Erdogan Makes a Stand as Ballot Puts Biggest Cities in Play
(Bloomberg) -- Less than a year after winning a new mandate with sweeping powers, President Recep Tayyip Erdogan and his ruling party are locked in tight races in some of Turkey’s biggest cities in local elections on Sunday, which left two people dead.
On the defensive in recent weeks as the economy slipped into recession and the lira lurched from one crisis to another, Erdogan has lashed out at enemies at home and abroad, warning bankers of a “heavy price” to pay for feeding the currency chaos. In the campaign’s closing days, Turkey’s longest-serving leader urged the nation of 82 million to rally behind his AK Party rather than teach it a “lesson.”
At stake is control over hundreds of mayoral districts and local councils across Turkey’s 81 provinces, which stretch from its borders with Greece to Syria. Against the backdrop of a worsening economic downturn, the opposition is working together in a rare joint effort to deliver a rebuke to Erdogan and his Islamist-rooted movement.
“A meaningful loss of votes for the AKP would certainly worry Erdogan as it would undermine his aura of invincibility,” said Teneo Intelligence’s co-president, Wolfango Piccoli. “Losing the control of one or more large cities would constitute a blow to Erdogan’s pride and could complicate the AKP’s ability to cater at the local level for its hardcore base of voters.”
The second-largest opposition party in parliament, the pro-Kurdish HDP, opted to sit out significant municipal races beyond its stronghold in the southeast. Instead, it’s supporting candidates from an opposition bloc led by the larger CHP.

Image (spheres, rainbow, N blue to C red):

As a result, the quarter-century-long hold on the country’s capital Ankara and business hub Istanbul by Erdogan’s party and its predecessors is under threat.
Stiff competition between the candidates has created a tense atmosphere across the country and violence at a polling station in the southeastern Malatya province left two people dead, including a polling station volunteer and an observer of a small opposition party, Saadet, the state-run Anadolu Agency said. Pro-Islamic Saadet leader Temel Karamollaoglu blamed a relative of the ruling AK Party candidate in the town of Puturge for the killings in a message on Twitter. On the eve of the elections, the government relayed indictments against CHP leader Kemal Kilicdaroglu as well as pro-Kurdish HDP co-chairs Pervin Buldan and Sezai Temelli to parliament on Saturday to seek the body’s approval for their prosecution on various charges.
Erdogan won 52 percent of the vote in presidential elections in June. The AK Party and its nationalist ally MHP garnered a combined share of 53 percent of the parliamentary vote.
Where the economy and jobs are uppermost in voters’ minds, there will be questions over Erdogan’s stewardship of the government. Just in recent days, authorities risked the nation’s market credibility by orchestrating a liquidity crunch to stop the lira sliding further.
It’s a dangerous time to alienate investors because Turkey is already facing the threat of U.S. sanctions unless it drops a planned purchase of a defense system from Russia. Still, the president has wanted none of the blame for the upheaval around the lira, saying the fluctuations in the exchange rate are due to “operations by the U.S. and the West to corner Turkey.”
As in past elections, Erdogan has appealed to nationalist sentiment with warnings that separatist aspirations among Kurds threaten Turkey’s integrity and suggested the government could remove any municipal official involved in a criminal act or linked to Kurdish militants even if they are elected.
“It’s the time to firmly come together like the fingers of both hands,” Erdogan told a rally in the central Anatolian city of Konya.
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